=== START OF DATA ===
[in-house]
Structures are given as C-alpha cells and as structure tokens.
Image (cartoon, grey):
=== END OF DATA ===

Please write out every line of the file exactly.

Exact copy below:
[in-house]
Structures are given as C-alpha cells and as structure tokens.
Image (cartoon, grey):